In Part 1, we introduced the cash flow relief technique/staple of your morning commute known as “Scoop and Chuck.” In particular, we discussed an issuer that will issue new bonds and use the proceeds to pay interest (but no principal) on a prior issue of bonds. The new bonds will have a debt service schedule that is pushed out later in time compared to the debt service schedule on the prior bonds. This enables the issuer to keep some of the revenues that it otherwise would have used to pay debt service on the prior bonds. In Part 2, below, we’ll add more facts and try to provide some answers.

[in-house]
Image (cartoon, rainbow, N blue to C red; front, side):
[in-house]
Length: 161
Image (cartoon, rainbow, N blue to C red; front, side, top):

We left our last post with you heading to the local mattress store to check in with a radio sidekick. More to the point, we left you with Reg. 1.150-1(d)(2)(i), which provides a way for us to avoid treating our scoop and chuck issue as a refunding issue, meaning that it can’t be an advance refunding issue, meaning that we could use proceeds of our scoop and chuck issue to pay interest that accrues more than 90 days (but within 1 year) of the issue date of our scoop and chuck bonds.
Squire Patton Boggs
By Johnny Hutchinson on August 24, 2020